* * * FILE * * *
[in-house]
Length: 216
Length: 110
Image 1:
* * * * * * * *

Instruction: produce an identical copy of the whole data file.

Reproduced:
[in-house]
Length: 216
Length: 110
Image 1: